Informal learning can take many forms – knowledge can be passed on from anyone, in any situation, and it may not even be obvious at first that the learner has acquired knowledge or skills at all. Perhaps someone offered you advice and this has been something you have taken with you into the future, or a casual conversation allowed you to gain a new skill that has positively impacted on you in a multitude of ways. Informal learning takes place with no clear structure to the learning process and often does not reveal to the learner that they have anything to learn until after the fact. It is arguably the route to learning with the least promise of gain, and yet it can be the most influential of all learning forms… depending on what you have learned.
To celebrate EPALE’s current Non-formal and Informal Learning theme, we decided to explore the informal learning experiences of staff and create a blog post that proves they can be invaluable, influential and inspirational.
Zoe learned about property
Ecorys team member Zoe has lots of informal learning experiences that have had a positive impact on her life. Perhaps the biggest one is what she has learned about the property market from her fiancé who works in the industry.
Zoe’s fiancé frequently discusses what is happening at work and has imparted on Zoe the knowledge of buying and leasing, particularly that of buying a flat but only partly owning it, as the building is often managed by another individual or organisation. This can restrict what the buyer can do in terms of altering the property and adds pressure to sell it on within an agreeable time period relating to the length of the lease – little time left on the lease significantly impacts the value of the property.
“I’ve learned so much from my fiancé about the property market. We are thinking about buying our own house in the next few years and now I feel much better informed to make decisions about the right kind of property for us.”
Zoe has gained this knowledge at a very important time in her life – she can use it to make confident decisions about her future.
Theodore learned about European culture
Colleague Theodore enjoys receiving gifts from Erasmus+ colleagues working in other EU countries.
“When colleagues abroad celebrate their national holidays, they often send us gifts such as chocolates or national sweets. This has taught me about culture – not just about the kinds of foods enjoyed in other countries, but also the holidays celebrated and how they relate to tradition, religion and national customs.”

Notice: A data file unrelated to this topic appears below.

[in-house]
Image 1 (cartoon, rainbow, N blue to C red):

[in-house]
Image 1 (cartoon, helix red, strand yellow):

Cards and notes of well-wishes have also introduced Theodore to some of the vocabulary of other languages. He can now greet people in Lithuanian and has a range of Spanish vocabulary.
An understanding of other cultures and languages can improve communication, break down cultural barriers and make for an easier travelling experience, all of which can have a positive impact on the life of the learner.
Emma learned about survival techniques
Ecorys staff Emma joined her friend for a woodland barbeque and left with lots of knowledge about surviving in the wild. Her friend likes to spend plenty of time in the great outdoors and has been building his own campsite.
Building camp requires a knowledge of woodland materials, such as different trees and the strength of different kinds of woods, as well as understanding how to source vines that can be dried out and used as rope to hold structures together. Knowing how to make a waterproof bed using a hammock and tarpaulin is essential for keeping dry and avoiding the muddy floor.
“I used to think this kind of activity was only useful if you were in the Scouts, but I’ve learned so much about what to do if I find myself in an isolated situation without many resources. I had a lot of fun watching my friend prepare the campsite and I’m definitely keen to try preparing my own campsite in the future.”
Informal learning can also introduce the learner to interests they didn’t know they had and help them to continue extending their skill set.
You can find the second part to this blog post here.
Don't forget to answer the poll on informal learning at the bottom of this page!
You might also be interested in:
- Turning your hobby into a career - the delights of non-formal learning (blog) – considers the reasons for developing a hobby into a career path and the kinds of personal interests best suited to non-formal learning
- European guidelines for validating non-formal and informal learning (resource) - The European Centre for the Development of Vocational Training (Cedefop) released the European guidelines for validating non-formal and informal learning
- Using contemporary dance as a tool against learning difficulties (blog) – discusses a performing arts project that aims to raise awareness of the
- problems faced by those with learning difficulties and showcase their potential
- Winner announced! Health, wellness and Adult Learning: Star Supporter Competition (blog) – find out who won the EPALE UK Star Supporter Competition that celebrated content on the theme of Health, Wellness and Adult Learning!